It is worth noting these discrepancies in legal rights apply as much to the surviving partner of engaged couples, who may or may not be cohabiting, that are also afforded no special recognition in law. It is just as important for engaged couples (whether living together or not) to consider what steps they can take to protect themselves.
Cohabitation Rights Bill 2017-19
The Cohabitation Rights Bill has been presented to the House of Lords in the hopes of providing protections for financially disadvantaged cohabitants and to make provision in relation to the property of deceased cohabitants to their surviving partners.
One way in which the Bill seeks to achieve this goal is the proposal for cohabitants who have lived together for at least two years or who have a child together, to be able to make a court application for financial settlement in the event of their separation where financial disparity has arisen during the course of the period of cohabitation. Thus where one cohabitant has been put at financial disadvantage, say by contributing to the purchase or upkeep of the home without receiving any payment or interest, they would be able to seek a court order to rectify the imbalance. The court would then be able to apply the same remedies available in divorce proceedings where it is deemed appropriate, such as payment of a lump sum, transfer or sale of property, and pension sharing arrangements.
If passed into law, the Bill would also extend the same financial rights and provisions currently made for spouses and civil partners on their partner’s death to include cohabitants. Further, the Bill would amend the 1774 Act to formally allow cohabitants to take out life insurance for each other.
The bill was introduced to the House of Lords (for the third time) on 5 July 2017. A date for the general debate on all aspects of the bill has yet to be set but there is some cause for scepticism that it will ever pass into law. Aside from concerns that these financial rights should remain particular to marriage and civil partnership, and the idea that those institutions would be undermined by the extension of these rights to cohabitants, there is a clear issue as to how ‘living together in a relationship’ is to be clearly defined.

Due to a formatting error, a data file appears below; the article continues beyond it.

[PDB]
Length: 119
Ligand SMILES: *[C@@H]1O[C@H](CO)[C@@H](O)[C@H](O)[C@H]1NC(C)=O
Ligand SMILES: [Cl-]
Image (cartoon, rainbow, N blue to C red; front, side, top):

How can cohabitants protect themselves?
Couples living in these relationships might consider the possibility of getting married or entering into a civil partnership in order to receive the automatic benefits which they are currently denied as cohabitants. For those wishing to avoid an overtly religious service or extravagant wedding, simple civil ceremonies are sufficient to obtain these same legal rights.
For couples opposed to entering into a marriage or forming a civil partnership, there are other forms of protection:
- Enter into a cohabitation agreement and/or Deed of Trust which sets out how capital assets (for instance the home) are to be owned and resolves any other financial issues (such as the division of household expenses).
- Ensure that each cohabitee has executed a valid Will in order to protect their partner’s interests and avoid them having to make an application under the 1975 Act.
- Make any additional or revisionary provisions necessary to ensure any pensions allow payments to be made to unmarried partners.
- Take out life insurance policies, having ascertained that these will pay out to unmarried partners.
If you require assistance in relation to legal rights in your own relationship or simply wish to learn more about your circumstances, please feel free to contact a member of our Family Law Department on 01242 574244 and we will be happy to meet you and discuss your situation.